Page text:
BRAD SCHLOSSMAN: Nickname committee ignores what the public wanted
The process to pick a new nickname for UND athletics teams was tailored to give everyone a voice. Everyone could submit a nickname idea. Every nickname idea would be vetted and considered. And the public would ultimately choose the new nickname b...
The process to pick a new nickname for UND athletics teams was tailored to give everyone a voice.
Everyone could submit a nickname idea.
Every nickname idea would be vetted and considered.
And the public would ultimately choose the new nickname by a popular vote.
It all sounded great, but on Tuesday night, we found out that the majority of the UND Nickname Committee never had any intention of listening to the public.
The option of leaving the school as the University of North Dakota -- with no nickname as it has been operating the past three years -- was removed from consideration by the committee by a 7-4 vote.
It set off a firestorm among North Dakota supporters, who have favored leaving the school without a nickname after UND retired its Fighting Sioux name and logo. The decision also tells us that the process was never really about finding out what the public wanted.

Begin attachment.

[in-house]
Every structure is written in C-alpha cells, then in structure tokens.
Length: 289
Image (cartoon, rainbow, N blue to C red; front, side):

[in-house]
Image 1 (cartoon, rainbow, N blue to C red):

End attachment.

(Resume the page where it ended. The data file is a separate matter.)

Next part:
Selecting a new nickname was never going to be an easy process, and it was never going to please everyone. But UND made it a lot harder on itself by pretending it wanted to hear the public’s opinion, only to dismiss it in the end.
The school will soon adopt a new name -- Nodaks (what’s the difference between North Dakota and Nodaks?), North Stars, Roughriders, Fighting Hawks or Sundogs -- and face the risk of having its biggest supporters chastising its own brand. Many of its own athletes are already publicly speaking out against it.
It’s difficult to launch a new brand with minimal support, and that’s what the school will soon try to attempt.
Some say that the supporters of leaving the athletics teams without a nickname are doing it just to try to hang on to the old Fighting Sioux name and logo.
Many have moved on, though, and still believe that North Dakota stands on its own -- that it doesn’t need a gimmicky name like Sundogs or Fighting Hawks to have an identity.
At some point, people may be ready to adopt a nickname. Whether that time is now or not should have been an option for the public to decide.
One of the pillars of the nickname selection process was to find one that is “unifying and a rallying symbol.”
Forcing one through without the support of the public will only do the opposite.
- OUR OPINION: Committee or Kelley should reconsider 'UND/N.D.' option
- TOM MILLER: UND picks not popular, but the right choice